We must learn to understand that the union is all about protecting the safety and prosperity of its citizens
What does the EU want? This simple question has foxed Brits throughout the Brexit talks. It is alleged that Brussels is desperate to retain Britain; that it yearns to get rid of it; that German car-makers and friendly states such as the Netherlands will force Angela Merkel to let Britain cherrypick the best of membership; that Europeans want to ruin Britain, sending it on its way with a punishment beating pour encourager les autres. None of this contradictory speculation has turned out to be right, and Britain’s negotiating efforts have been the poorer for it.
European mainlanders can be hard to read. The Friday before last, prominent Germans including Annegret Kramp-Karrenbauer, Angela Merkel’s heir presumptive, wrote a saccharine letter to the Times urging Britain to stay. On Monday the Polish foreign minister broke EU ranks to suggest that the Irish backstop be limited, to get Theresa May’s deal over the line. Yet on Wednesday Merkel seemingly contradicted her own colleagues, opining fatalistically that Britain, an island, had always had “patchy” relations with the EU and suggesting that its exit is inevitable. The day after, an exasperated Emmanuel Macron told a crowd near Lyon that Brexit has “torn British society apart” and “cannot be delivered”, his tone so critical that it moved a Spectator writer to ask why the French president “hates Britain so much”. The motivations and instincts of our continental partners sometimes baffle us Brits.
German journalist with links to Russia allegedly organised arson attack in Ukraine to stoke tensions, court told
The plot allegedly involved three Polish extremists and a German journalist with ties to the far-right Alternative für Deutschland (AfD) party, as well as to a number of Kremlin-friendly Russian news outlets.
Their alleged task was to carry out a “false flag” operation in western Ukraine: burn down a Hungarian cultural centre, and make it look as though Ukrainian nationalists were responsible. The main beneficiary of the ensuing recriminations would be Russia.
Interior ministry claims no one was ‘forced out’ as many await outcome of asylum requests
On Wednesday night last week, Nicholas Hada slept at Rome’s Termini train station, along with about 10 others hastily evicted from a refugee reception centre in a town close to the Italian capital earlier in the day.
Originally from Guinea, he returned to the centre in Castelnuovo di Porto, the second-largest of its kind in Italy, the following morning to collect the belongings he had left behind, fearing they would be stolen in the train station.
In this smart hybrid, features the true stories of three undocumented Americans who went undercover at a detention facility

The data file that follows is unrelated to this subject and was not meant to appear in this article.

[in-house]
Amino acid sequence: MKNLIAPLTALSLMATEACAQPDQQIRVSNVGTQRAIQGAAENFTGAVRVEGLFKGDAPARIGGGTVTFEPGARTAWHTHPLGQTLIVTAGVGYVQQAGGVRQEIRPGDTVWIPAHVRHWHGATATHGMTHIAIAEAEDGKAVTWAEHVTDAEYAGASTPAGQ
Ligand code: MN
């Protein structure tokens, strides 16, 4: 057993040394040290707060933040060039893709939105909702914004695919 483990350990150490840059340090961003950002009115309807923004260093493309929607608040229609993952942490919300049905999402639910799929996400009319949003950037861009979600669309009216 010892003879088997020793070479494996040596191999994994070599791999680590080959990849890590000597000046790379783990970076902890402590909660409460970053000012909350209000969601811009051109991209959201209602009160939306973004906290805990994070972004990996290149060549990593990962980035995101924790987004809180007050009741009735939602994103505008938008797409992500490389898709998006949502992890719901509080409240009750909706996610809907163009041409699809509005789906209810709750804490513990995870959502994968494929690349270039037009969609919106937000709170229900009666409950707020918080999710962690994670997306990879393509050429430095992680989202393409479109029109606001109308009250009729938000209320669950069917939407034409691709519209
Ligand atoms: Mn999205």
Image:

The first stanza of The Star-Spangled Banner, the United States of America’s national anthem, memorably ends with the phrase “the home of the brave”. I’ve seen no braver Americans depicted on screen than Marco Saavedra, Viridiana Martinez and Mohammad Abdollahi, young, undocumented “illegals” raised in the US who risked deportation to infiltrate an immigration detention facility with the hope of helping keep families together.
Related: The Boy Who Harnessed the Wind review – Chiwetel Ejiofor’s charming directorial debut
It took roughly a year after the first human infection with MERS-CoV was announced out of Saudi Arabia for dromedary camels to be identified as a host species for the MERS coronavirus (see 2013’s The Lancet Camels Found With Antibodies To MERS-CoV-Like Virus). While bats are believed to be the primary host reservoir for MERS, SARS, and an array of other novel pathogens (see Curr. Opinion Virology: Viruses In Bats & Potential Spillover To Animals And Humans), the hunt continues for other susceptible species where these viruses may reside.
Source: Avian Flu Diary: Emerg. Microbe & Inf: MERS Infection In Non-Camelid Domestic Mammals
NH: There had been a significant increase in date tree cultivation in Saudi Arabia to serve increased worldwide demand for dates. That increase led naturally to an increase in the bat population and the possibilities of a new variant of disease to be passed on to animals and humans.
“My parents used to live on a farm in a rural area of Costa Rica, but there were no schools nearby. So they moved us to the city. They could only afford a small house made of wood. I was the youngest of eight children, and we split three bedrooms between us. All of us couldn’t even fit at the kitchen table, so we had to eat breakfast in shifts. We shared everything: school supplies, books, bicycles. One Christmas we got a single pair of roller-skates for eight kids. Adolescence was the most difficult. My mother would sew our clothes from the same piece of cloth. And I started to want a little privacy, but instead we’re sharing perfume, and shampoo, and deodorant. But all the sharing brought us closer. Everyone helped each other. We had no choice. When the oldest kids began to work, they paid for the younger ones’ studies. All of us eventually went to college and became professionals. When my mother passed away, she asked me to keep everyone together. We have a WhatsApp group where we chat everyday, even if just to say good morning and good night. Or to discuss ways to help my Dad. Here’s a picture of everyone at his 90th birthday. He still lives in the same house we grew up in, but we added a second story. There are four more rooms now. But whenever we get together, we still have to take turns at the kitchen table.”